Two cooperative banks halt the issuing of new mortgages

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Two cooperative banks halt the issuing of new mortgages

Loan advertisements are displayed on the wall of a Korean Federation of Community Credit Cooperatives bank branch in Seoul. [YONHAP]

Loan advertisements are displayed on the wall of a Korean Federation of Community Credit Cooperatives bank branch in Seoul. [YONHAP]

 
Two more banks stopped issuing mortgages after the financial regulator began applying pressure on financial institutions to limit lending, and borrowers with poor credit could suffer the most.
 
The National Credit Union Federation of Korea (NCUFK) will temporarily stop writing new unsecured loans and mortgages starting Tuesday, with no date for resumption given.
 
Jeonse loans will still be offered.  
 
The Korean Federation of Community Credit Cooperatives (KFCC) halted mortgages on Monday, with no date given for resumption.
 
It has suspended its incentive program whereby loan consultants receive a commission for arranging new loans.
 
Many major commercial banks, including KB Kookmin Bank, Woori Bank and Hana Bank, suspended or restricted the issuing of loans in August after the financial regulators told banks to restrict lending, in an effort to slow the increase in household debt.
 
Being denied loans at major commercial banks, people have been turning to cooperative banks like the NCUFK and the KFCC. According to the Bank of Korea, cooperative banks had a total of 209.3 trillion won ($175.8 billion) of loans outstanding at the end of the third quarter, up 7.56 percent from the beginning of 2021.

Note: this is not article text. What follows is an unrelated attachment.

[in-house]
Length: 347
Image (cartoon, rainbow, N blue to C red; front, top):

The regulators have put a cap on loan growth for cooperative banks at 4.1 percent.  
 
NCUFK loans were up 4.4 percent.
 
"The increase in lending by the NCUFK and the KFCC is mostly because there was an increase in borrowing by people with sound credit rather than those with poor credit," said a spokesperson for a financial institution. "The NCUFK and the KFCC halted loans, but NongHyup Bank has resumed some, and people won't have a very hard time borrowing."
 
Kim So-young, an economics professor at Seoul National University, said people with weak credit will be hurt more due to the balloon effect. Banks that do make loans have been lending to individuals with good credit for the sake of credibility, leaving those with weaker credit nowhere to go.  
 
"With the balloon effect starting to take place as financial authorities put a limit on loan amounts, people who are financially vulnerable could be pressured to turn to illegal loans," said Professor Kim.
 
The government announced October that jeonse loans will not be included when calculating the total amount of household lending, starting from the fourth quarter. The change gives more room for banks to lend without going over the established loan cap.  
 
Hana Bank on Nov. 23 resumed the Hana 1Q Apartment Loan, a mortgage, and the Hana 1Q Credit Loan. The bank had announced both would be halted until the end of year. Kakao Bank halted jeonse loans and loans to office workers, but resumed the latter for office workers with weak credit starting Nov. 12.  
 
 
 
 
 
 

BY YOUN SANG-UN, LEE TAE-HEE [lee.taehee2@joongang.co.kr]
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